“It just seems like overnight, he went from being a part of the team, someone who plays well and does his role to being a dominant force out there on the field. It was incredible.”
When he transferred to South Florida, Reilly had the chance to learn from another offensive line coach.
“Coach Danny Hope, my goodness, he is just one of the best out there,” he says. “He taught me that not only is it important to have that technical aspect, but that fight and finish, that’s something you cannot replicate. If you’re not fighting and finishing every play, you lost. You chalk that rep up as a loss.
“That’s something I was able to bring to Dillan and say, ‘Hey Dillan, not only do you have to do your best to be technical, but every single play, you should be running after the ball to try to push the pile or pushing your guy to the ground. It’s not enough to finish one guy and lay on top of him anymore. Now you’re expected to make your block and continue that block out all of the way downfield with the ball.’”
Again, Reilly saw Dillan take another step forward. By this time, Dillan was committed to Notre Dame and was ready to harness his natural aggression.
“Everyone always said Dillan had a mean streak when he played football,” Reilly explains. “He went from being just a mean guy, a guy who was finishing every play, maybe to the point where it was a little bit out of control, to being a real technical player.
“He has the good footwork, he has the punch, he has everything you really look for, the small details to be a really successful lineman at the next level. He got into the mindset that he was committed to Notre Dame and didn’t need to go out and roughhouse and talk after the play. It was really incredible to watch.
“He was able to absorb a lot of that. Watch some of his game tape from his freshman year to his sophomore year to his junior and senior year. You can see that he doesn’t lay down on people anymore his sophomore and junior year. He finishes someone to the ground, gets up and tries to hit someone else. It’s just great to watch.”
Reilly describes Dillan’s senior season at Clearwater Central Catholic as “just flat domination.”
“There was not a person who lined up across from him who could ever chalk up their play as a win,” he says. “It’s just not how it works. He went out and every single play, he did the best he could to win. The guys next to him, they saw that during practice and camp and they emulated him.
“He changed that offensive line. He took them from a bunch of kids who were kind of together to brothers who wanted to fight for one another. That was just because of him, not because of me or Dad or someone else. He did that. He made that offensive line one cohesive unit and he was the leader. It’s surreal.”
But as Dillan reached new levels as a player, Reilly had already hung up his cleats, forced to give up the game in March of 2016 because of injury, just when he appeared on the verge of earning a starting position for the Bulls.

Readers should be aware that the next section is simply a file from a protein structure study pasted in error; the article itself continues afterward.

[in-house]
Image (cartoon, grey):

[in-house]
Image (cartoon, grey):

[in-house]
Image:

“Losing football for me was hard,” Reilly admits. “I really enjoyed the guys on the team, the aspect of being a team and all of that.”
But he was able to shift his focus to academics, specifically studying for the LSAT as he was on track to graduate in three years.
“It turned out, I was pretty good at it,” he says. “I did really well on the test and I’ve been able to keep my grades up pretty high.”
He applied to law schools and found himself in familiar position, waiting to hear from Notre Dame.
“When you apply, they give you a status checker, it’s a little website that tells you how you’re doing,” he explains.
One morning, Reilly noticed his status had been changed. He was in. He couldn’t think about anything else during class that day.
“My professor said, ‘Hey, you must be having a good day today?’” Reilly explains. “I said, ‘Well, yes sir I am. It’s actually one of the best days ever.’
“It didn’t really feel real until I got the packet the next week. It came in the FedEx envelope and had my acceptance letter and a letter from the Dean of Admissions. It was just crazy for me to be able to finally say, ‘Hey, this is what I want to do with my life.’”
So, three years later, Reilly is headed to South Bend for law school while his little brother is coming to play football.
“I think it’s going to be one of those experiences you never forget about,” says Reilly. “For me to be able to be there for Dillan while he’s going through his next step in his football career, I wouldn’t trade that for anything. To have him and for him to have me up there, I think it’s going to establish that real home connection, instead of just being a place where you go to school and play football. It’ll be more like home. That’s really what I want to go up there for.
“I’m really, really, really excited and proud of him for getting in there and being able to have this opportunity in his life. You always hope for the best. Our family, we’re optimists and always have been. We’re the kind of people who support each other through anything.
“It’s been a hell of a ride.”